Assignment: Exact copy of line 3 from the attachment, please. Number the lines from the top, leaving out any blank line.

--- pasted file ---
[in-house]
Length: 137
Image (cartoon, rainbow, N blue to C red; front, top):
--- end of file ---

Image (cartoon, rainbow, N blue to C red; front, top):